Predicting College Players in Pro Golf
June 24, 2013
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With the recent end of the NCAA Golf season, top collegiate golfers are terminating their amateur status and entering pro tournaments with the aim of earning enough money to earn status on one of the major tours for 2014. Jordan Spieth was the first to turn pro this season, entering several PGA Tour tournaments early in the year and earning Special Temporary Member status. Just this past week, Alabama’s Justin Thomas and Washington’s Chris Williams turned pro at the Travelers Championship and both made the cut. The main question with these freshly minted pros from my point of view is just how good are they compared to a PGA regular?
Luckily, Golf Week/Jeff Sagarin publishes yearly rankings of college golfers measuring their performance throughout the college season. This season, the top ranked golfer was Michael Kim, the low amateur at the US Open. Sagarin reports the ratings on a scale mirroring a typical golf score, with the most elite golfers earning ratings in the 68.0s while the 25th best golfer in a season will rate around a 70.0-70.5. How do those ratings translate into the Z-Score Rating System I use?
To find out I constructed a list of golfers that both were ranked in Sagarin’s top 25 for 2010-11 or 2011-12 before turning pro and had at least 8 rounds on the Web.com, European, or PGA Tours in the year after their college season ended (basically June to May). There were 18 such golfers that met both criteria including notables like Harris English, Bud Cauley, and Jordan Spieth. For those 18, I gathered Sagarin ratings for their last two seasons in college (or only one season if they left after freshman year) and their Z-Scores, adjusted for strength of field, for all rounds they played in the year following the end of their last college season. The N for the golfers ranged from 8 rounds to 108 rounds.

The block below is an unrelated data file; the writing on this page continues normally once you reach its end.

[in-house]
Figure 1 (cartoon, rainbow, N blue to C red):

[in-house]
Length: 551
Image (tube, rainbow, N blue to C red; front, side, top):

I then ran a linear regression with the average Sagarin rating of the final two seasons in college as the independent variable and their Z-Score in the year following as the dependent variable. For the full data-set of 18 golfers, the R2 was only 0.09 (graph of data is below) – meaning for our data collegiate performance explained about 30% of performance as a pro.
Now, what can we learn from such a small sample? Perhaps not much, especially since there is likely to be survivor bias in the data. The golfers who perform best in their first few tournaments are more likely to get additional sponsor’s exemptions, gain status on a major tour, and get additional rounds of data. Golfers who struggle early will be forced to play on the NGA Tour or other lower tours that I do not have data for. Perhaps the most important thing is that a golfer would have to play to a rating of 69.3 in college to be projected as a 0.00 as a pro (basically average for the PGA Tour). Only Michael Kim (who is staying an amateur) and Brandon Stone (who just turned pro at this past week’s BMW International and finished T10) were that good in 2012-13.
I will return to this subject when I finish compiling Challenge Tour (European minor league) and NGA Tour and eGolf Tour data for past seasons which will give me a much larger sample to work with and from which to draw conclusions.